Westcon Finds Success With Limited Product Line

Westcon Finds Success With Limited Product Line

By Richard McCaffery
Staff Writer

Westcon Inc. executives are betting the strategy of limiting its product line to networking equipment will keep a steady growth rate of 20 percent annually through 2000.

"We're not in the business of distributing a large variety of products," Roman Michalowski, Westcon's president and chief executive officer, told Washington Technology. "We provide a limited number of products with a high degree of service attached to them."

This approach of supplying such equipment to federal and commercial resellers has worked so far, even in a market that's driven Westcon's rivals to grow by expanding their product lines. The Eastchester, N.Y., company sells about 3,000 computer networking products and services from 13 vendors.


Richard
Michalowski
In contrast, Tech Data Corp. of Clearwater, Fla., sells more than 45,000 products from over 900 vendors. Networking equipment is often described as the plumbing of the Internet. Products like hubs, switches and routers transmit information such as e-mail messages throughout networks. Westcon's major vendors include Bay Networks Inc., Santa Clara, Calif., and PictureTel Corp., Andover, Mass. Its reseller customers include Vanstar Corp., Pleasanton, Calif., and Electronic Data Systems Corp., Plano, Texas.

Michalowski expects revenue to hit $450 million this year ? up 73 percent since 1996 ? and $1 billion in 2001. Government sales are 20 percent to 25 percent of the mix and keeping pace with commercial sales.

"A lot of money is being spent by the federal government," Michalowski said. "The networking technology is well accepted. The fact that there's a market there is a good enough reason for us to be in it."

Despite Westcon's steady success, the company has chosen to sacrifice its independence to ensure growth. On June 18, the company agreed to be acquired by Datatec Ltd., a Johannesburg, South Africa, distribution, software and Internet company. The $160 million deal is expected to give Westcon the burst of cash it needs to keep from falling behind in the fast-growing networking market, said Michalowski, who will remain president, director and chief executive officer.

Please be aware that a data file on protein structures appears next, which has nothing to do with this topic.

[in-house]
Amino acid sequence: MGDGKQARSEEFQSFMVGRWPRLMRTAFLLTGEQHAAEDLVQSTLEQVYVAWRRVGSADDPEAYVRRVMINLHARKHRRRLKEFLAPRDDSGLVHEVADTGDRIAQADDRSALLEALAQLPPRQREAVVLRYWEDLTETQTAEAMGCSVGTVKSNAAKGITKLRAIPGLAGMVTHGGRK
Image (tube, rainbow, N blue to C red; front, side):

"We've been growing organically from day one," said Michalowski, who founded the company in 1985. "Last year we realized the networking business was growing so fast that by remaining in the same position we were going to leave opportunities uncovered."

Westcon, which will operate as a subsidiary of Datatec, plans to upgrade its facilities and expand globally following the deal's completion this month. The company has operations in Canada, the United States, Australia, Europe, Africa and Hong Kong.

Datatec is one of South Africa's fastest growing technology companies. The company, which has 2,000 employees, has been traded on the Johannesburg Stock Exchange since 1994 and has a market value of $1.4 billion. Westcon has 500 employees.

The combined distribution facilities will use the Westcon name to market computer products, Michalowski said. Westcon officials expect the deal to boost federal sales as well. "With the infusion of capital we'll be investing a lot in infrastructure that should help us lower costs and deliver better products and better services to resellers," said Stuart Schwartzreich, Westcon's federal sales manager.

Westcon has a stable of about 500 government resellers, including the Presidio Corp., Lanham, Md., Schwartzreich said.

Choosy about its products, Westcon is choosy about its partners as well. The firm has an exclusive arrangement with Bay Networks Inc., maker of networking gear that's being acquired by Northern Telecom Ltd. (Nortel), Brampton, Ontario.

Westcon sells 1,800 Bay products. "It's our most extensive product line," Schwartzreich said. Bay is careful about its partnerships. The company has only six distributors in the United States, including Westcon, Tech Data, and Ingram Micro of Santa Ana, Calif., according to Jerry Skurla, Bay's director of strategic partner development. So how does Westcon compete with Tech Data and Ingram Micro when Bay, its primary partner, deals with its rivals? "A good amount of it is their focus," Skurla said. Westcon has made itself expert in training resellers and staying on top of product updates, he said. "There is absolutely a role for a focused networking specialist in the networking world."

Kristi Thiese, a research analyst at Raymond James & Associates, St. Petersburg Fla., said networking equipment is increasingly mass-produced, which makes it easier for big companies like Tech Data to sell.

But there is still a lot of gear that requires in-depth knowledge. "It's really suitable for niche players," Thiese said.


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